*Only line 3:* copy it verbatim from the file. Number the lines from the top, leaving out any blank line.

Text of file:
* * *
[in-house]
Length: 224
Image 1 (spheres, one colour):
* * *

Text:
Image 1 (spheres, one colour):